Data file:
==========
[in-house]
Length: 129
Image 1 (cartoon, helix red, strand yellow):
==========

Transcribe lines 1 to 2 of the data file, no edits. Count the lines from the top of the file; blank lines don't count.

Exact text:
[in-house]
Length: 129